Cover Image

Cabaret Voltaire
Industrial Evolution: Through The 80's With Cabaret Voltaire And The Local Government
March 2002
UK Book SAF Publishing ISBN 0 946719 46 2
Written by Mick Fish
Published in March 2002
288 pp
From the publisher:
"In Industrial Evolution Mick Fish takes us on a journey through the eighties via the Sheffield music scene of Cabaret Voltaire, the Human League, ABC, Clock DVA, Hula and The Box, offsetting it against a background of rampant Conservatism and local authority politics.

By the late 70s Britain had a new leader in Margaret Thatcher and a music scene in London that was embracing New Romanticism, while up North bands like Joy Division were casting darker musical shadows.

1979 was the year Mick Fish first entered Central Depot, the local Council's Refuse Dept. That same year he visited Sheffield and became embroiled as a bystander in the post-punk Sheffield music scene, and in particular the Industrial music of Cabaret Voltaire. Over the next nine years, Fish made regular visits to Sheffield and watched the Cabs develop from the punk thrash of "Nag Nag Nag" into the synth-electro pioneers, whilst himself battling to hold down a day job amongst a bunch of weirdos and misfits working at the local refuse tip.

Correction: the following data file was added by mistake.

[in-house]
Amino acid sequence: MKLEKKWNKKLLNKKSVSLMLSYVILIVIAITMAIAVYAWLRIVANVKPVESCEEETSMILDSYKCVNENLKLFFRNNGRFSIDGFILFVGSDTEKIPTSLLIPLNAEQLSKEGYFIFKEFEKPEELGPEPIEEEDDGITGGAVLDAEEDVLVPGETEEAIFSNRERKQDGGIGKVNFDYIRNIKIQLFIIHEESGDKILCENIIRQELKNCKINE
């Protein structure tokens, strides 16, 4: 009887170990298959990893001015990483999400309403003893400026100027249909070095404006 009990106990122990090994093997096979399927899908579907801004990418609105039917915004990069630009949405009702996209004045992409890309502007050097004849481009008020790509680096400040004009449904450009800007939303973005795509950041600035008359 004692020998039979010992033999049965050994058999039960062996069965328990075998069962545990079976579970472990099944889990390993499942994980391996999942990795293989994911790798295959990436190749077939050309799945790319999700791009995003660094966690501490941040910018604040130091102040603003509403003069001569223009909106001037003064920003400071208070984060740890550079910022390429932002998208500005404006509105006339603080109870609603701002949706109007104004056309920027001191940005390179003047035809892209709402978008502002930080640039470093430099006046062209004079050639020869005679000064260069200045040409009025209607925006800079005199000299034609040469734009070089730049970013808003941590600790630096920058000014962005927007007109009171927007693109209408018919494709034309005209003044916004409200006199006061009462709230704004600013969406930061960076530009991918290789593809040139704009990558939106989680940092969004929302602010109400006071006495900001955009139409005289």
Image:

As the 80s progressed, harsh market forces were at play both within Local Authorities and Independent record labels. As a result Fish became unintentionally caught in Maggie's stringent initiatives to whip Local Government into shape. He also witnessed Cabaret Voltaire's rise to Indie favourites and early rave exponents, ultimately to disband in turmoil under the pressure of big labels, internal disputes and substance-induced paranoia.

Industrial Evolution is a highly cautionary but typical 80s tale, as a mood of rampant Conservatism ran roughshod over all things industrial."